Tissue manifestation of multiple myeloma or solitary plasmacytoma can be typically identified by the presence of monotypic immunoglobulin light-chain (κ/λ) pattern.[1]

  Peripheral Nerve Tumors Top

In contrast to neurofibromas, which contain a mixture of cells, neurilemmomas consist predominantly of Schwann cells (schwannoma) and, therefore, express S-100 protein, variably Leu-7, and occasionally GFAP. Leiomyosarcomas may show some histological resemblance, but they generally do not express S-100 protein. Neurofilament protein helps in the distinction of neurilemmomas and neurofibromas. Malignant tumors arising from nerves or showing nerve sheath differentiation are better designated as “malignant peripheral nerve sheath tumors” since they often recapitulate Schwann cells, perineural fibroblasts, or fibroblasts. Nerve sheath differentiation can be identified using markers such as S-100 protein, Leu-7, and myelin-basic protein. S-100 is expressed, albeit focally, in 50-90% of malignant peripheral nerve sheath tumors, Leu-7 in approximately 50%, and myelin-basic protein in 40%. None of these markers is specific; therefore, it is better to use the entire panel. With the exception of rare forms of glandular schwannomas, CK is not expressed. A potential confusion may arise with synovial sarcomas, but these tumors only rarely express S-100. S-100 is only focally expressed in neurilemmomas, while neurofibromas express S-100 diffusely.[20]

  Organ Specific Antigens in the Identification of Metastatic Carcinomas Top

Differentiated carcinomas of some organs sometimes can be identified by the presence of narrowly distributed organ-specific antigens.[21] Following are the antigens and antibodies of value in the determination of specific tumor type cell origin.[18],[22]

Use of protein functional pathways and modifications and protein cell type specificity may be needed when markers are proposed for use in diagnostic pathology.[23] Furthermore evidence-based methods, minimum criteria for diagnostic accuracy (STARD), will help in selecting antibodies for use in diagnostic pathology.[24]

  Conclusion Top

This Review provides a brief overview of the role of immunohistochemistry in various oral lesions, benign as well as malignant. However, many new antibodies are being commercialized the basic ones are discussed for the differentiation of various oral lesions. In the future, the pathologist will continue to play a central role in diagnosis and immunohistochemistry as the routine armamentarium in diagnostic tests. Thus, these changes likely will improve the understanding of diseases that affect the head and neck and the ability of the pathologist to render a correct diagnosis.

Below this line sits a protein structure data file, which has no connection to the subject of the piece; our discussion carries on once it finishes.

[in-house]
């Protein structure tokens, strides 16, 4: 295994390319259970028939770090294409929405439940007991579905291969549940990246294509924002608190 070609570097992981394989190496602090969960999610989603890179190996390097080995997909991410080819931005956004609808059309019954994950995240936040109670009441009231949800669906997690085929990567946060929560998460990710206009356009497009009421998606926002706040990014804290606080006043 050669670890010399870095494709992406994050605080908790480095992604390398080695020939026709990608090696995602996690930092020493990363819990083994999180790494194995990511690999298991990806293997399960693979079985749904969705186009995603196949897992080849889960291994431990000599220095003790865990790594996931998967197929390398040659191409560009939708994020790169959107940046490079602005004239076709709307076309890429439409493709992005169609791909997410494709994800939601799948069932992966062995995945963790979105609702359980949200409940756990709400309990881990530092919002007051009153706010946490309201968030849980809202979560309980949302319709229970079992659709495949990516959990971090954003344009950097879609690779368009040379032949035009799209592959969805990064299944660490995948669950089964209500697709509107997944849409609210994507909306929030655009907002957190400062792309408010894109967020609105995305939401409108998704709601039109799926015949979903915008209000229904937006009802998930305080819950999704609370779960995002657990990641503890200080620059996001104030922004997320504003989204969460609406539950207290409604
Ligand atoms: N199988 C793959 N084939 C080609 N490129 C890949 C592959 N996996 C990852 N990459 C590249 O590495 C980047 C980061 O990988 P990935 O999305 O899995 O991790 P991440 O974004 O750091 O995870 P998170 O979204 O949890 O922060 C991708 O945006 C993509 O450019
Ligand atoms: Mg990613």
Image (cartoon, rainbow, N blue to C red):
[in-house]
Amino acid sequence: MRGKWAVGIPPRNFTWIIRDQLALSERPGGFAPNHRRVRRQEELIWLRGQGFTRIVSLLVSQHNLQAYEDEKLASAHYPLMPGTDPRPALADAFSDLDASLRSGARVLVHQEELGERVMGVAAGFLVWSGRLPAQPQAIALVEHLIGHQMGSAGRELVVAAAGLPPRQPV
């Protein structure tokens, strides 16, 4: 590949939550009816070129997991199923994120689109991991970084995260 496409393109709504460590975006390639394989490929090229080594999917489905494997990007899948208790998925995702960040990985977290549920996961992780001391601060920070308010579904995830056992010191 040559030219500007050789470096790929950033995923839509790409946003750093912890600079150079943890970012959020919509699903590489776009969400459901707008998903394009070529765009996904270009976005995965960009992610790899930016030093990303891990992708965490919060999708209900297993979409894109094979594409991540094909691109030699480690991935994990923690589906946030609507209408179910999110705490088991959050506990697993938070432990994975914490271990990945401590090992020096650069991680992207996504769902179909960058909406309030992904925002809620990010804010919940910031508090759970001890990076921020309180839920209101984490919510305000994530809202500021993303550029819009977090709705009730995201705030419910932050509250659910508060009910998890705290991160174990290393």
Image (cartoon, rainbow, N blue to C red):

Financial support and sponsorship


Conflicts of interest

There are no conflicts of interest.

  References Top

Miller K. Immunocytochemical Techniques. In Bancroft JD, Stevens A. Theory and Practice of Histological Technique. 4th Edition, Churchill Livingstone, Edinburg 1996:435-70.  Back to cited text no. 1
Nagao T, Sato E, Inoue R, Oshiro H, H Takahashi R, Nagai T, et al. Immunohistochemical analysis of salivary gland tumors: Application for surgical pathology practice. Acta Histochem Cytochem 2012;45:269-82.  Back to cited text no. 2
Miettinen M. Immunohistochemistry in Oral Pathology: An Adjunct Tool in Tumor Typing. Oral Maxillofac Surg Clin North Am 1994; 6:391-400.  Back to cited text no. 3
Moll R. Cytokeratins as markers of differentiation in the diagnosis of epithelial tumors. Subcell Biochem 1998;31:205-62.  Back to cited text no. 4
Cerilli LA, Wick MR. Immunohistology of soft tissue and osseous neoplasms. In: Dabbs DJ, editor. Diagnostic Immunohistochemistry. New York: Churchill Livingstone; 2002. p. 59-112.  Back to cited text no. 5
Chênevert J, Duvvuri U, Chiosea S, Dacic S, Cieply K, Kim J, et al. DOG1: A novel marker of salivary acinar and intercalated duct differentiation. Mod Pathol 2012;25:919-29.  Back to cited text no. 6
Cheuk W, Chan JK. Advances in salivary gland pathology. Histopathology 2007;51:1-20.  Back to cited text no. 7
Chhieng DC, Paulino AF. Basaloid tumors of the salivary glands. Ann Diagn Pathol 2002;6:364-72.  Back to cited text no. 8
Regezi JA. Oral Pathology: Clinical Pathologic Correlations. 5th ed. St. Louis, Missouri: Elsevier Inc.; 2008.  Back to cited text no. 9